There's been some fear creeping into the market recently, as shown by the VIX. Or at least it's indicating more hedging going on behind the scenes. The chart below compares SPX to the VIX and you can see how a higher low for VIX (compared to the higher high for SPX) has been a warning sign for stock market bulls at the highs in July and September. It's flashing another warning sign here as the stock market made another new high above its December 5th high but VIX made a higher low.

SPX vs. VIX, Daily chart

I've been showing the SPX weekly chart using the arithmetic price scale to show the parallel up-channel from October 2011, the top of which has been acting as resistance since December 2013 -- a full year of highs up against the top of the channel and no breaks above it. The double test in early- and late-December shows bearish divergence on the weekly chart below and it's looking like that line will once again act as a deterrent to more rally.

S&P 500, SPX, Weekly chart

On the chart above, as well as the daily chart below, I show the potential for a rising wedge pattern off the October low, which could be an ending diagonal pattern for the 5th wave off that low. A drop down to the uptrend line from October-December, which crosses price-level support near 2019 on January 5th (next Monday) could set it up for a final rally into mid-January (opex Friday?), topping out around 2110. This is just an idea for now but something I'll be watching for, if and when SPX makes it down to that level. In the meantime there's potential support at its 20-dma, near 2054, and its 50-dma, near 2038 by Monday. A drop below 2019 would confirm something more bearish has started.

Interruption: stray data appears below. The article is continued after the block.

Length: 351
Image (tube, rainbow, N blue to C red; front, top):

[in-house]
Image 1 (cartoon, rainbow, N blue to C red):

S&P 500, SPX, Daily chart

Key Levels for SPX:
- bullish above 2100
- bearish below 2019

Depending on whether the log or arithmetic price scale is used on the DOW's chart you'll see different trend lines in play here. The daily chart below is using the arithmetic scale to show how once again the DOW pushed marginally above the trend line along the highs from May 2011 - December 2013 but was unable to hold above the line. I'm wondering if the downside reaction this time will be similar to the one off the December 5th high. Similar to SPX, I see the potential for an ending diagonal 5th wave for the move up from October, which calls for one more leg up following a pullback so keep that possibility in mind and it's a reason for bears not to get complacent, no matter how strong the decline appears. There are a few support levels between here and about 17450 and the bears will not be in stronger shape until the DOW breaks its uptrend line from October-December, currently near 17350.

Dow Industrials, INDU, Daily chart

Key Levels for DOW:
- bullish above 18,100
- bearish below 17,450

In November NDX was able to climb above its trend line along the highs from April 2010 - March 2012 but it dropped back below the line on December 9th. NDX then made it back up to the line on December 23rd but was unable to climb back above it. This week's selloff has NDX looking like a bearish kiss goodbye following the back-test and it finished back below its 20-dma today. Its 50-dma will be near 4215 on Friday and its uptrend line from October will be near 4185 so the bulls have some support levels to watch. The bears would be in better shape below 4185 and a top would be confirmed in place with a drop below the December 16th low at 4089.